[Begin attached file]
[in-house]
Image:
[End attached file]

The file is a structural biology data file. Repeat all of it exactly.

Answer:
[in-house]
Image: